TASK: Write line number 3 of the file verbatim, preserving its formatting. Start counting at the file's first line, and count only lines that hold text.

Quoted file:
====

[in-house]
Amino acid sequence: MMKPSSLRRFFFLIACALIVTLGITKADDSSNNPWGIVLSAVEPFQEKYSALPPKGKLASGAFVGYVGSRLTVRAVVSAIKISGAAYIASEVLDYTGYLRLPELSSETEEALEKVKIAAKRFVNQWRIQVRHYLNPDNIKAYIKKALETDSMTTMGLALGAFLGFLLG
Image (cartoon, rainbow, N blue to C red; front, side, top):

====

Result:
Image (cartoon, rainbow, N blue to C red; front, side, top):